You find a monster hiding under your bed.
The monster is sick. It tells you so. The monster says it has a broken pulse.
You feel bad for the sick monster, so you give it antihistamines, expensive tissues coated with aloe. You check the monster’s forehead. The monster is running a fever. You run it a cool bath. In the bath, the monster whittles a bar of soap into a half moon. After the half moon, the monster keeps whittling and whittling until the soap is a crescent moon, until it is zero moons.
You realize no one has ever told the monster when to quit.
You are happy the monster is here. You have been lonely for so long: Years before the boy who never owned a pair of pajamas left; years before you found the bar with the menu of mistakes; years before your father forgot to exist. Years before she decided to almost come but then at the last minute, gave up and quit. Years before you were given pills to cure parts of you you never knew existed.
Too long, your therapist always tells you. You always wait too long.
What your therapist doesn’t realize, you want to tell him, is that any length of loneliness is too long. The monster is sick sick sick, but, well, shit, anywhere that is anywhere is sick sick sick. Secretly, you hope the monster stays sick. You enjoy taking care of something that isn’t yourself. You tried the gardening thing, but your thumb is more highlighter than green, so even the weeds gave up and died. The chrysanthemums never had a chance. And yet, you were surprised when James packed up his Subaru and backed out of the driveway, drove down the block and through the middle of town and into the next county, then past the state line and the state line past that state line.
The monster asks for cucumber water, but you don’t have any cucumbers.
You tell the monster you could run out for some cucumbers. Really, it’s no big deal—nothing more than a key in the ignition, a quick drive to Kroger. You are so eager to please, to have a reason to buy cucumbers, to take yoga lessons and eat kale, to lay in bed at night staring at your phone, swiping right right right. But the monster doesn’t say anything. It just stares at its monster hands, so you go into the kitchen and make a pot of chamomile tea.
While waiting for the tea to boil, you wonder what type of person has cucumbers lying around their house, and if you would ever be that type of person. Maybe you will fall in love with that type of person, this cucumber man. You imagine the cucumber man’s hands the size of redwoods. You imagine him the longest living organism on Earth.
The monster is no longer staring at its hands. The monster is over the disappointment of not having cucumber water.
You find yourself jealous of how quickly the monster gets over disappointment. When you get down you stay there, so close to the dirt it seeps inside your lungs.
The monster asks for a beer.
Beer you have. You even have pint glasses in the freezer, frosted, ready for the cucumber man or a sick monster hiding under your bed. You pour the monster a glass of beer. It fizzes inside the frosted mug. The monster takes a sip of the beer. The monster says the beer tastes like sand. The monster says the beer tastes like a cloud following a landslide.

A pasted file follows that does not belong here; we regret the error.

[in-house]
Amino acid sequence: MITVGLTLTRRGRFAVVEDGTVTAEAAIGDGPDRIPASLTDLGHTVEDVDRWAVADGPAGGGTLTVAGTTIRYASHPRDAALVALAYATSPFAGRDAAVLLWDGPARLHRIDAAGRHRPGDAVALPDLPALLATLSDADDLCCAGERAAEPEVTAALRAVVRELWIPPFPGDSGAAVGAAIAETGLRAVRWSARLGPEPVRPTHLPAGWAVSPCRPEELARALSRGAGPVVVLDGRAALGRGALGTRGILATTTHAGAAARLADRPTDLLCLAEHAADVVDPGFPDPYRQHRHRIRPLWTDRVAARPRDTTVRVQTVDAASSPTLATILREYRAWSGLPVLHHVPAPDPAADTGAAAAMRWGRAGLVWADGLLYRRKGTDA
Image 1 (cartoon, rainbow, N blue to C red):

Who is to say no? How could you ever know the taste buds of a monster’s tongue?
The monster tells you how it once read an article about the germs that accumulate on cellphones, how the phones can be dirtier than a public toilet, so the monster makes sure to clean its iPhone every night with a Clorox wipe. The monster is so careful it can’t understand how it could be so sick. The monster says it remembers when simple addition meant something. The monster says it remembers when a headache only came the morning after a night of too much gin swirling in tonic. You didn’t know monsters got hangovers, but you also didn’t know that monsters existed or that beer and sand taste the same to a monster.
The monster wonders how the bad follows it. You wonder the same thing about yourself. The monster says this could never be a question, that stating a fact would be a dumb question. You agree, you tell the monster.
The monster wants to know is everywhere sin or is this just breath? And did God make the iceberg or did the iceberg make God?
You tell the monster the truth, which is you don’t know. You tell the monster what you do know, that terrible isn’t just hiding behind every corner. Terrible is every corner.
Day falls into night. The monster climbs back under your bed. The monster’s eyes are soggy. You ask the monster if it wants you to read it a book. You still have the children’s books on the shelf—The Magic School Bus, Curious George, The Giving Tree, Love You Forever—their spines still solid, unopened since you picked them up at the Books-A-Million off Kingston, before it went out of business and was turned into a Gold’s Gym.
You wonder if you will ever read anyone to sleep.
The monster doesn’t answer. The monster is already asleep, lost in fevered dreams. You imagine what those dreams could possibly be. Maybe the monster walking into a wall. Maybe the monster walking through a wall. Maybe the monster walking toward the sun until the monster is burning, until the monster is ash.
You think about your own dreams. Your therapist said to keep a dream journal on your nightstand. What’s the harm? he said. You imagine the monster dreaming faces on the backs of milk cartons, watching Elvis twist on a balcony in Venice, a door welded home.